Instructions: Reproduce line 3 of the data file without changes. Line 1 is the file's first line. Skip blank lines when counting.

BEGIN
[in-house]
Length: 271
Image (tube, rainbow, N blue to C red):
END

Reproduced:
Image (tube, rainbow, N blue to C red):